Army Spring Depth Chart Review: SAM Safety

Army was the first in the FBS to complete spring drills. ArmySports.com's Jim Lawler will review each Black Knight position to project a starter, a backup and a player to watch. Today he'll discuss the SAM safety position.

SAM SAFETY
Starter: Shaquille Tolbert #26 So.
Back up: Luke Proulx #22 So.
Third String: Brady Earnhardt #39 Jr.


The SAM safety depth chart was also impacted by injuries like other areas of the defense. However, sophomore Shaquille Tolbert may prove more difficult to unseat after the injured players return. Tolbert had an excellent spring practice and really stepped up his game. Tolbert was used at cornerback last year. He had been a SAM safety, Rover and played some boundary cornerback in 2011 at the United States Military Academy Prep School. I always felt Tolbert would be a better safety at the FBS level. He can cover but as a cornerback in man coverage he wasn't very quick out of his backpedal. Tolbert's hitting ability and instincts are better served closer to the line of scrimmage at SAM safety or Rover with the play in front of him. He is athletic enough to cover the tight end down the field.

Sophomore Luke Proulx (5-9,180) is a strong player with fairly good speed who was stuck behind a number of more experienced running backs. He was moved to safety to get him on the field. He didn't play on defense in high school and is learning his new position. Proulx demonstrated the willingness to hit and compete this spring. He is still learning the defensive scheme and at times seemed a little tentative. It's not surprisingly if he was thinking too much about his assignments this spring due to his lack of experience playing defense. He should become more instinctive and comfortable with practice repetitions. He had a very prolific high school career with an excellent football program in Washington. As a junior and senior Proulx ran for over 3,200 yards and scored 49 touchdowns. Luke is a good athlete and has the athletic ability to help here if he can successfully make the transition.

Listed at third string is junior Brady Earnhardt (5-8, 193) who has been a bit of an enigma since joining the program. It's been difficult for the staff to settle on a position for him. In 2010 at the United States Military Academy Prep School he saw time at three positions including SAM safety. He's played as a backup fullback on the JV team the last two years. Earnhardt is a workout warrior those test results do not transition to production on the field. He was one of the top athletes tested in the National Underclassman football combines after his junior season in high school. Brady's 40-yard dash time was the fastest recorded time in the nation for all NUC events. He showed his strength with a tremendous effort of 35 bench reps at 185 pounds. Despite Earnhardt's athletic skills he runs with a rather stiff upright running style. He seems tight through his hips, not very flexible and can have trouble covering receivers.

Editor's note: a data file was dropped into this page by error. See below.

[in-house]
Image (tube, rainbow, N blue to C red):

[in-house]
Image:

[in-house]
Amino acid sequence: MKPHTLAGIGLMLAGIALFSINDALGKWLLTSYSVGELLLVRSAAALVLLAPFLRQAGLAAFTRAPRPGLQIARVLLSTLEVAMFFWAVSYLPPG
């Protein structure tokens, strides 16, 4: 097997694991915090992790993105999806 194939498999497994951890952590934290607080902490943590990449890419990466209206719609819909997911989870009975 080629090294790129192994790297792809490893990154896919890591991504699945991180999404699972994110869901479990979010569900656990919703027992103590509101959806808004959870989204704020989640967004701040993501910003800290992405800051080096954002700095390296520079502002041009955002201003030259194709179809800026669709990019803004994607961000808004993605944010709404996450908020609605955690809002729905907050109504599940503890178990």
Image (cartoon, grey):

The real competition Tolbert will face for the starting SAM spot should come from last year's starter Hayden Pierce. He started the first nine games of his career as a plebe before being injured in 2011 against Air Force. Pierce has been injury prone and unable to stay on the field since that Air Force game. Pierce has started just seven of the last 15 games. Last fall Pierce (14 tackles, 1 pass defensed) suffered through an injury-riddled campaign as he appeared in only six games. He left the opener against San Diego State with a shoulder injury very early in the game. Pierce played in the second half against Northern Illinois in pain with the injured shoulder after the Black Knights secondary struggled in the first half. He started the next three games but broke his collarbone making a diving deflection against Boston College. He didn't play again until the last game against Navy. Pierce is a very alert player and sure open field tackler. He has a smooth stride that gives him excellent range and has the speed to cover receivers. The Black Knights really missed him against Eastern Michigan's tight ends that were open all day. It's not surprising that Army allowed the fewest points to the opposition in two of the very few games Pierce started and played the entire way in 2012. Pierce needs to prove he can stay on the field to win his job back.

Senior Lyle Beloney (5-11, 197) was injured during spring practice and missed the Black and Gold game. Beloney was having a good spring before he was hurt. He had a disappointing year last fall. Beloney entered the 2012 season as the backup at SAM safety to Pierce. Lyle entered the opening game after Pierce was injured very early in the first quarter against San Diego State. He struggled in coverage, missed tackles and was slow to diagnose plays. He was benched for three games after that shaky performance. He returned against Boston College and played in five of the next six games. When used from scrimmage Beloney struggled in coverage. Physically he is one of the better athletes the team has at safety but because of his poor performances he was bypassed by other players and didn't appear in the last two games. Beloney has the physical tools for the SAM position but has failed to put it together on the field. He is a good practice player who understands his assignments. He needs to get healthy, build off this spring and carry that over from practice to Saturday afternoons.

The safety position, unlike the cornerbacks, will most likely rely on returning players. The best safety at USMAPS last fall, Tim Kamana, left the program. None of the other safeties expected to arrive should make an early impact on the rotation.

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